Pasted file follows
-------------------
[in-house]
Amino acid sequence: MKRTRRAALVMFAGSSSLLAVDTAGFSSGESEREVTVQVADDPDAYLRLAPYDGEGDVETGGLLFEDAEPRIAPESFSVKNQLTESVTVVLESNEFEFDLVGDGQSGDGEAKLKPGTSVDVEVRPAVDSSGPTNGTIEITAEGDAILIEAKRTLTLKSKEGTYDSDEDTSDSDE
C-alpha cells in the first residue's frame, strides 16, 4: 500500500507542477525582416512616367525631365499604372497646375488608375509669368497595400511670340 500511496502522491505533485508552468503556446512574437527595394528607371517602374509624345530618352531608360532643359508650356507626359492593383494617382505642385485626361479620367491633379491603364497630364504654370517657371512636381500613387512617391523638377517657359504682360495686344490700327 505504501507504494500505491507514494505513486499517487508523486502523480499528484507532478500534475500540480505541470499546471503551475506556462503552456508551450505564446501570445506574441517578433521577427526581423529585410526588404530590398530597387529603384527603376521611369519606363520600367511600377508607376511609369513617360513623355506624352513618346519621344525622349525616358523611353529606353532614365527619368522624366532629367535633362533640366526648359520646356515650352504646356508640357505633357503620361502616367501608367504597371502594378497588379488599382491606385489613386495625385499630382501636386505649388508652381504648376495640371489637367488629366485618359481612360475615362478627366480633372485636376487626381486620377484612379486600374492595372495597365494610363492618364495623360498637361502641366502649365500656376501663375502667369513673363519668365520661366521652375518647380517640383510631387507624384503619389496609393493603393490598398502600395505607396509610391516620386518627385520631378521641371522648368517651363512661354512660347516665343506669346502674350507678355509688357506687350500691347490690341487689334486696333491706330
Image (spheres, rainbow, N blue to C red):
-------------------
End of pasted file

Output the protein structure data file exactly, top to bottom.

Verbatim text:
[in-house]
Amino acid sequence: MKRTRRAALVMFAGSSSLLAVDTAGFSSGESEREVTVQVADDPDAYLRLAPYDGEGDVETGGLLFEDAEPRIAPESFSVKNQLTESVTVVLESNEFEFDLVGDGQSGDGEAKLKPGTSVDVEVRPAVDSSGPTNGTIEITAEGDAILIEAKRTLTLKSKEGTYDSDEDTSDSDE
C-alpha cells in the first residue's frame, strides 16, 4: 500500500507542477525582416512616367525631365499604372497646375488608375509669368497595400511670340 500511496502522491505533485508552468503556446512574437527595394528607371517602374509624345530618352531608360532643359508650356507626359492593383494617382505642385485626361479620367491633379491603364497630364504654370517657371512636381500613387512617391523638377517657359504682360495686344490700327 505504501507504494500505491507514494505513486499517487508523486502523480499528484507532478500534475500540480505541470499546471503551475506556462503552456508551450505564446501570445506574441517578433521577427526581423529585410526588404530590398530597387529603384527603376521611369519606363520600367511600377508607376511609369513617360513623355506624352513618346519621344525622349525616358523611353529606353532614365527619368522624366532629367535633362533640366526648359520646356515650352504646356508640357505633357503620361502616367501608367504597371502594378497588379488599382491606385489613386495625385499630382501636386505649388508652381504648376495640371489637367488629366485618359481612360475615362478627366480633372485636376487626381486620377484612379486600374492595372495597365494610363492618364495623360498637361502641366502649365500656376501663375502667369513673363519668365520661366521652375518647380517640383510631387507624384503619389496609393493603393490598398502600395505607396509610391516620386518627385520631378521641371522648368517651363512661354512660347516665343506669346502674350507678355509688357506687350500691347490690341487689334486696333491706330
Image (spheres, rainbow, N blue to C red):